I have vivid memories of attending ballet class as a little girl—desperately trying to force my tiny 5-year-old-body into the splits, to no avail.

My ballet career was very short-lived (read: I quit two years later). But, fast-forward nearly 20 years, and I’m still in the same predicament whenever I attend a barre class. My body just won’t do it.

All it takes is one glance around class to see I’m not the only one with this challenge, though. (Shout out to my non-flexible ladies!)

So I chatted with Rachelle Reed, Ph.D., barre kinesiologist at Pure Barre to find out to become a barre queen and finally master the splits:

Rule #1: Do not force it

Forcing yourself into the splits (ahem, 5-year-old me) is a seriously BAD idea. “You have to think about the fact that your muscles are elastic in nature, so if you stretch them too far before they’re ready, they can snap—sort of like a rubber band,” says Reed. “The last thing you want to do is injure yourself, especially in your hamstrings and hip flexors, so you really want to take your time, so you can avoid injury.”

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Rule #2: Plan on practicing for months (sorry!)

“The way you’re going to gain flexibility is practicing,” says Reed. She recommends easing into the pose three times a week, for 20 seconds at a time, to help your muscles release into the stretch.

And this change won’t come overnight, or even after a week. “Realize it will probably take a couple of months of regular stretching to get yourself to get there,” says Reed.

Rule #3: Get your body nice and warm first

Static stretching is something researchers recommend you do after a workout when your body is warmed up. “It helps improve your flexibility, and increase range of motion in your joints, which can help reduce the risk of injury,” says Reed. “It will help make your muscles more pliable and ready to be stretched to their maximum capacity.”

Glutes and waist series

That doesn’t mean you need to go for a 10-mile run, or crank out an entire Pure Barre workout to prep your body. Even a walk will do, says Reed.

If you’re still working your way to the full splits, Reed recommends trying some warmup stretches to help you prepare:

Standing hamstring stretch

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“This stretches the back of your leg and hip flexors. In a barre class you’ll use the barre. It’s the same version, but standing.”

How to: Place your right foot on top of a bench, counter, or ballet barre, directly in front of your right hip. Your left foot should be directly under your left hip. Keeping your chest lifted, gently bend forward at the hips until you feel a gentle stretch in the back of your hamstring. Hold for 20 seconds. Repeat two to three times.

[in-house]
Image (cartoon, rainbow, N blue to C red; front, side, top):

Forward fold

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“This is really great for opening up the backs of your legs.”

How to: Stand with feet parallel and slightly wider than your hips, your spine tall and a soft bend in your knees. Lift your butt toward the air as you fold your torso over your legs, bringing your chest as close to your legs as possible and the crown of your head toward the mat. Lengthen with each inhale by reaching for the floor; relax and settle into the pose with each exhale. Hold for 20 seconds. Repeat two to three times.

Low Lunge

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“This is a great way to stretch the back of your thigh, the hamstrings, which can get very tight because we sit so much during the day. And this stretch isn’t that far away from doing the full splits.”

How to: Stand with your feet hip-width apart, arms at your sides. Step forward with your right foot. Bend forward from the waist and press your fingertips to the floor on each side of your right foot. Bend your knees slightly and step back with your left leg into a low lunge. Let your left shin rest on the floor, and sink your hips low. Hold for 20 seconds. Repeat two to three times.

How to do the splits

From a low lunge position, extend your front leg and shift your weight back. This will stretch the other hamstring.

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From here, try sliding your back leg back behind you. Then, using your hands (or blocks) as buffers, lower your body down towards the floor until you start to feel a pull in your hamstring.

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Once you can finally reach the floor, make sure your core is engaged, to help you stay upright, advises Reed. Have your chest lifted, with your shoulders over your hips, and your gaze straightforward. This way, you’re not collapsing forward. Also try to square your hips.

“As you’re learning, your legs will be bent,” says Reed. “But the goal is to get your legs completely straight.”

Word of caution

If you’ve had any kind of hamstring injury, Reed recommends you talk to your doctor before making the splits one of your #fitgoals. “But for most people, as long as they’re progressing slowly, and not forcing themselves into this, then this stretch is more than okay.”

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